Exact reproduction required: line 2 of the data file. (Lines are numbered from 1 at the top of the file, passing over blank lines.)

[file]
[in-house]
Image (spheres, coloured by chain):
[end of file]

Image (spheres, coloured by chain):